Earth-like planet maybe not so hospitable after all, thanks to blasts of radiation
Mark A. Garlick/University of Warwick

Earth-like planet may be not so hospitable after all, thanks to blasts of radiation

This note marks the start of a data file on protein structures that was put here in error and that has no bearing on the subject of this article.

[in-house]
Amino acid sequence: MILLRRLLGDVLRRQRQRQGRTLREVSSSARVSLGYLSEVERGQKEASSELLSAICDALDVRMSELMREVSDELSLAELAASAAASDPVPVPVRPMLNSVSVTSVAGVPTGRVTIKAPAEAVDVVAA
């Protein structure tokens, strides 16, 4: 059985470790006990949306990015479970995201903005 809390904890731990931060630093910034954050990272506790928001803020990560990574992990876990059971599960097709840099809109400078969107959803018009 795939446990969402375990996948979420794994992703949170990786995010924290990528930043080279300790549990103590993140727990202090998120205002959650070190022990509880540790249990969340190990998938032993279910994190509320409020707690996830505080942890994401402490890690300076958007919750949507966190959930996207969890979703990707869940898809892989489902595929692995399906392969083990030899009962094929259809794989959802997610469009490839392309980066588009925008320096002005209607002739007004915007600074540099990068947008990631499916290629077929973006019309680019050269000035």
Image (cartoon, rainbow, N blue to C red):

Earlier this year, astronomers reported discovering a handful of Earth-like planets orbiting distant stars. One of them, a presumably rocky orb dubbed Kepler-438b, orbits a red dwarf star and may be just a bit warmer than Earth, those researchers suggested. Now, another team finds that the planet may be hostile to life because it has no atmosphere, thanks to supersized solar flares that blast the planet every few hundred days, the researchers report online before print in the Monthly Notices of the Royal Astronomical Society. The flares are about 10 times as powerful as those ever recorded on our sun, the team estimates. And because Kepler-438b orbits just 25 million kilometers from its star (about half the distance of Mercury’s closest approach to our sun), that’s a recipe for disaster for life as we know it, the researchers say: With little or no atmosphere, the planet’s surface would be exposed to harsh x-ray and ultraviolet radiation, not to mention floods of charged particles like those in our solar wind.